Many MPs based in level 3 areas will be making their long-awaited returns to Parliament this week after a change to rules that had made it almost impossible for them to commute to Wellington.
Previously, Speaker Trevor Mallard had in place a five-day isolation rule for MPs leaving level 3 areas, which include Auckland, Waikato and upper Northland.
Mallard will drop this requirement, and MPs will only need a negative test result no less than 72 hours before they leave the level 3 area.
Prime Minister Jacinda Ardern says she will visit Auckland this week as a result of the rule change.
For a time the only Auckland-based MPs at Parliament had been National leader Judith Collins and Act's David Seymour, and more recently National's finance spokesman Andrew Bayly.
The absence of those other MPs has meant their colleagues have had to fill in for them when speaking on portfolio issues and on legislation, as well as running question lines against the Government.
Several other MPs had made the move down before Mallard's announcement for the coming sitting week, and carried out their five-day isolation already.
Parliament's remaining Covid measures wil not change.
The restrictions of 60 MPs in the Debating Chamber meant they could not all go into Parliament for Question Time, and most other significant meetings - including caucus and select committees - were still held online.
Mask-wearing in the chamber and corridors will continue.
MPs will not be required to return to Wellington - the proxy voting rules that enable MPs to do their jobs without returning to Parliament will remain for now.
Labour chief whip Kieran McAnulty said some MPs who had remained in Auckland under lockdown would be returning this week, while some ministers would remain as an on the ground presence through the outbreak.
Exact numbers would be confirmed tomorrow, he said, but about 10 MPs were expected to remain in Auckland.
McAnulty said they had procedures in place to manage MPs in Parliament based on limit numbers.
National's chief whip Matt Doocey said National would not be bringing all of its level 3 MPs back to Parliament - next week seven out of the 12 MPs based in level 3 areas would return while five would remain at home.
He expected National to continue on restricted numbers for the rest of the year but the MPs who were brought to Parliament each week would be rotated to ensure all had a chance to spend time at Parliament.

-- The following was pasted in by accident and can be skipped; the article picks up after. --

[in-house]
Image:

Overall, 14 of National's 33 MPs are usually based in level 3 areas but Judith Collins and Andrew Bayly had already returned to Parliament.
Doocey said there were a number of reasons to leave at least some MPs in their electorates at such a time.
"MPs have commitments in level 3 areas with constituents. So we are taking a pragmatic approach."
Nine of Act's MPs will be in Wellington from Monday, with the one remaining MP Toni Severin returning from Christchurch on Tuesday evening.
Auckland-based MPs Karen Chour, Damien Smith and Simon Court had all returned last week and completed part of the five-day isolation before the rule change.
Severin has now received her first dose of the Pfizer vaccine, after seeking expert advice over a medical condition. All nine other MPs are now fully vaccinated.
A party spokeswoman said they would sub in MPs in and out based on who was needed to keep in line with number limits.
A Green Party spokeswoman said aside from co-leader Marama Davidson, who returned to Wellington last week, the three other MPs based in Tāmaki Makaurau - Chlöe Swarbrick, Ricardo Menéndez March, and Golriz Ghahraman - would all remain there.
They would do their Parliamentary work from there, including select committees and caucus meetings over Zoom.
The four other MPs and Davidson would alternate sitting in the House at any given time in the same way they have been for the last few weeks, she said.
Co-leader James Shaw is currently in Glasgow, Scotland, in his capacity as Climate Change Minister for the COP26 climate change conference.
The party was also pushing for a hybrid/video/in-person Parliament in the short term, which was being looked into.
Both Te Pāti Māori MPs Debbie Ngarewa-Packer and Rawiri Waititi are based outside level 3 areas and so have not been affected by the rule changes.
Mallard also confirmed he had asked Parliamentary Service to investigate making available rapid antigen testing to attempt to "keep staff safe".
The Speaker has previously signalled a vaccinations certificate is likely to be introduced for Parliament in the future.